As I’m sitting down to write this, we’re surrounded by squalls. Thunder is rumbling and yes, there was just a VERY loud crack of lightning.
I’d been planning to write about chafe gear with the start of hurricane season, and it’s every bit as much of an issue with squalls.
Your lines are what keep your boat in a safe place, whether it’s in a slip, on a mooring, or on anchor in the form of snubber lines. If they chafe through, they are of absolutely no use.
Anything and everything, it seems, can cause chafe: the edge of the boat or dock, a fairlead or hawsehole, a bobstay. Even the cleat the line is tied to!
You may have some stainless protectors on corners where lines pass, and yes, they’re called chafe guards. However they don’t protect the line against chafe, they protect whatever they’re screwed to.
Lots of things are sold as chafe guards to protect your lines. The best thing, however, is free: used fire hose. Fire departments have to periodically replace their hose and will give the old away. In some places you can get the hose directly from the fire department, other places the fire department will give the hose to the Coast Guard Auxiliary, Power Squadron or local marinas and you can get it from them.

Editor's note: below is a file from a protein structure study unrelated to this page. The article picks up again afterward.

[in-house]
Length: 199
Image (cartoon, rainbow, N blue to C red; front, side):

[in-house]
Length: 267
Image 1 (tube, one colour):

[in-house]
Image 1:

Cut a piece of fire hose 12 to 18 inches long – maybe even longer in some applications. Open it up – usually it is a double thickness and you can separate the two pieces. Use an awl, ice pick, knife, or scissors to make a small hole about an inch from one end. Put a piece of 1/8” line through that hole – the line should be about 18” long (better to have it too long than too short).
Slide the fire hose over your line and then use the 1/8” line to tie the chafe gear to the boat or dock, NOT to the big line. The big line will stretch and contract with gusts of wind and if you tie the chafe gear to the big line, it may be out of place as the line stretches. If you tie it to the boat, the big line will slide through it and be protected.
We used fire hose as our chafe gear in Hurricane Irma (Cat 4) and while there was some abrasion on the outside of it, it did not wear through and the line inside was perfectly intact. Years ago, we used old water hose in the same way for chafe gear. That is no longer recommended as heat can build up and damage the line. Fire hose is better as it lets air and water inside and keeps the line cool.
It doesn’t take long to make your chafe gear and it’s good to use it all the time – you never know when a squall may hit, and it’s good to have it ready ahead of time if a tropical storm decides to head your way.
Here’s hoping for a mild season!
Dave Skolnick (S/V Auspicious) says
Some fire hose is rubber lined. The rubber should be removed so water can get through and keep the line from overheating and melting.
In some jurisdictions, including mine in Annapolis MD, fire hose is destroyed at the end of its service life to avoid misuse. Get it where and when you can.